The following Family Q&A Produced in partnership with Chris Bryden of 4 King’s Bench Walk provides comprehensive and up to date legal information covering:
Rule 29.1(1) of the Family Procedure Rules 2010 (FPR 2010), SI 2010/2955 (FPR 2010, SI 2010/2955, 29.1(1)) provides that a party is not required to reveal their home address or other contact details (among other matters) unless the court otherwise directs. Where a party does not wish to reveal their details, these must nevertheless be provided to the court (FPR 2010, SI 2010/2955, 29.1(2)). FPR 2010, SI 2010/2955, 5.1, which deals with the use of forms, and in particular FPR 2010, SI 2010/2955, 5.1(3), which provides that a form must not be varied so as to leave out any information or guidance which the form gives to the recipient, is expressly subject to FPR 2010, SI 2010/2955, 29.1 (per FPR 2010, SI 2010/2955, 5.1(6)). The mechanism for notifying the court under FPR 2010, SI 2010/2955, 29.1(2) is by the submission of a Form C8, which contains the relevant details and which are held by the court.
The main limitation to FPR 2010, SI 2010/2955, 29.1 is the overriding power of the court to direct that th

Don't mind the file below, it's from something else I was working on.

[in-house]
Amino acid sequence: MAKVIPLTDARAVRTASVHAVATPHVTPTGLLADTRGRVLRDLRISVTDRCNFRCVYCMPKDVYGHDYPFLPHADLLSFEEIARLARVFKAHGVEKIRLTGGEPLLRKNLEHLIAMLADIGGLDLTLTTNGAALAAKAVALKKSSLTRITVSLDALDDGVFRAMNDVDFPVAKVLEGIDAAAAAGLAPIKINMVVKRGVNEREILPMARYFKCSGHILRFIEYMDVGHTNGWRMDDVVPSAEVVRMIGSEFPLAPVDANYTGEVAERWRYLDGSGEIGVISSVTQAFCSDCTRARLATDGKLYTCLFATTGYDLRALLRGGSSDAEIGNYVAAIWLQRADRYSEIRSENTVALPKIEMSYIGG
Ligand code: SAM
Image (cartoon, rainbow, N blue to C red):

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Voluntary manslaughterVoluntary manslaughter consists of those killings which would be murder (because the accused has the relevant mental element for murder) but which are reduced to manslaughter because of one of the three special defences (loss of control, diminished responsibility or suicide
This Practice Note covers the legal framework and regulatory guidance to be considered in determining whether an arrangement constitutes a contract of insurance and the possible consequences of carrying on activities relating to a contract of insurance without the requisite regulatory permissionsThe
Source of the doctrine of the separation of powersThe origins of the doctrine are often traced to John Locke’s Second Treatise of Government (1689), in which he identified the 'executive' and 'legislative' powers as needing to be separate.‘… it may be too great a temptation to human frailty, apt to
For guidance on the basic features of the doctrine of estoppel and the different classifications it has been subject to, see Practice Note: Estoppel—what, when and how to plead and related content.Promissory estoppel—what is it?Where A has, by words or conduct, made to B a clear and unequivocal
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